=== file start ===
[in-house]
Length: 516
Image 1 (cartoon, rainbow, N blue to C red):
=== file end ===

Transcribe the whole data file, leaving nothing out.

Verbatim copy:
[in-house]
Length: 516
Image 1 (cartoon, rainbow, N blue to C red):